By: The Working Forest Staff
TIMBER TRADES JOURNAL — Following a meeting of the main trade bodies for the timber industry, CEI-Bois (the European Confederation of Woodworking Industries) and EOS (the European Organisation of the Sawmill Industry) recognized that Russia’s invasion of Ukraine poses a real threat to peace and security in Europe while direct consequences on the timber business should be expected.
At the same time, the European timber industry understands the decisions on a trade ban between Europe and Belarus as informed by the Council Regulation (EU) 2022/355 which introduces a ban on all wood products from Belarus in response to the ongoing war in Ukraine. The industry foresees that similar measures will be applied to Russian wood products.
Members also supported the decision taken by PEFC to classify Belarus and Russian products as “conflict timber” and therefore ineligible for accredited certification. Similarly, the European timber industry welcomes that wood and forest products from Russia and Belarus cannot be used in FSC products or be sold as FSC certified anywhere in the world as long as the armed conflict continues.
The trade ban will cause serious consequences for the European market supply. According to official statistics, slightly less than 10% of the sawn softwood consumed in Europe in 2021 originated from Russia, Belarus and Ukraine. In the hardwood sector, oak goods originating from Ukraine made up a significant quantity. Shortages are therefore expected.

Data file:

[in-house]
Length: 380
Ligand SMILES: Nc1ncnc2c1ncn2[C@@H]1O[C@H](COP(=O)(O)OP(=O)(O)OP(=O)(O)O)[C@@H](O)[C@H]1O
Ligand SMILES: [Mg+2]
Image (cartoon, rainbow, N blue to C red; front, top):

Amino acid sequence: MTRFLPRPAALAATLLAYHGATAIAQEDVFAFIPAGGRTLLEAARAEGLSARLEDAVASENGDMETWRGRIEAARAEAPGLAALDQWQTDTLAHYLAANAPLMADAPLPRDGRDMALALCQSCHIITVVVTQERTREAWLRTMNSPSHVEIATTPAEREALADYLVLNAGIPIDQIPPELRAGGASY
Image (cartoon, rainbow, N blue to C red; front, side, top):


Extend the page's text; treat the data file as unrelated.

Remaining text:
CEI Bois and EOS are now working closely with the EU institutions and national European governments to identify sustainable and efficient mitigating measures that could increase self-reliance, help reduce critical shortages, increase harvesting rate, ensure the security of logs supply and seek to mobilize existing wood resources to fill the supply gap created by these necessary trade sanctions.
The wood product trade ban will negatively impact several critical industrial supply chains, for example, food and medicine, which are logistically based on wooden pallets. Many wood-based construction materials, such as birch plywood and sawn timber, will be very hard hit, which in turn could hamper the EU’s Green Deal push to decarbonize the built environment.
In addition, a disproportionate number of European lorry drivers are Ukrainian, and they have now returned to defend their country exacerbating an already existing shortage of drivers due to the Covid pandemic. This adds to a number of imbalances and other challenges which are already negatively affecting international logistics.
“Beyond the human tragedy that this conflict is causing, the European Timber Industry will be negatively affected by a shortage of wood products,” said Silvia Melegari, secretary-general of CEI-Bois and EOS. “Although companies are already working in order to cope with the current situation, it is undeniable that our sector will need immediate interventions by national governments and European institutions on how to prevent a critical logs shortage. The European wood industry hopes for a rapid and peaceful resolution to the ongoing conflict in Ukraine.”
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